This is the third time I’ve run in the City2Surf. I’ve been running regularly for about seven years and you’d think I’d be getting used to it, but every time I finish the 14k from Hyde Park to Bondi I can’t quite believe that I did it.
Last year I finished in 88m, which is just under the 90m qualifying time for a green bib. I hadn’t really thought much about that until I got to the bib collection at Darling Harbour on Saturday and saw how small the green queues were compared to the blue, yellow and orange ones. There were thousands of us, but a small fraction of the total. I don’t think I’ve ever qualified for any kind of race before: it made me feel a bit like I was a part of an elite, but mostly that I was among the very slowest part of that elite.
It also meant that I had to get up earlier than usual.
The green runners start right after the wheelchair athletes and the frankly implausible reds, who have demonstrated the ability to run the course in under an hour. Starting early is great because there’s a lot less time standing around freezing on College St while FM radio presenters yell at you over loudspeakers. There’s still a bit of that, as you can see.
I wasn’t expecting too much this year as my form’s been a bit off. One of the things which keeps me running is that it’s good for my mood, but that cuts both ways. When my mood’s poor or I’m stressed, which has been the case for a lot of this year, my pace goes down. But running with the green pack was really good. In previous years I’ve spent a lot of time dodging people who’ve slowed down to a walk, which is a bit stressful, but very few green runners did that before Heartbreak Hill. So the first six Ks seemed to fly.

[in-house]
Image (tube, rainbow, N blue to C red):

I needed to take a break twice up the Hill: my main City2Surf aspiration is to make it all the way up to Vaucluse without needing to do this. Coming around the hairpin bend at the top, we met an icy southerly which we’d been sheltered from thus far: it made the last stretch a bit more of a struggle than usual. One thing that also seems to be part of the green pack was getting barracked by fellow runners: when I broke into a walk in the final stretch a bloke behind me yelled, in a not unfriendly tone, “COME ON! YOU CAN DO IT!”
My other C2S aspiration is to have a decent expression on my face when I take a finish-line selfie.
Even though I wasn’t expecting to, I improved my time to 87m, so I’ll get to keep my green status till 2020 (qualification lasts for two years, for some reason). The other great thing about it is that Bondi wasn’t anywhere near as crowded when I got there, so I could get a yoghurt and a coffee and a beer without too much hassle, and take in some accidental glitch art from this video screen showing the wheelchair racer’s presentation.